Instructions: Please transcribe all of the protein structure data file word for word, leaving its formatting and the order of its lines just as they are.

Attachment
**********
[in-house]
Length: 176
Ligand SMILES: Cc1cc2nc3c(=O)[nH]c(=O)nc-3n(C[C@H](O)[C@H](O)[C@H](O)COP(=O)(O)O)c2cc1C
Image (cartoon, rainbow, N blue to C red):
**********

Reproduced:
[in-house]
Length: 176
Ligand SMILES: Cc1cc2nc3c(=O)[nH]c(=O)nc-3n(C[C@H](O)[C@H](O)[C@H](O)COP(=O)(O)O)c2cc1C
Image (cartoon, rainbow, N blue to C red):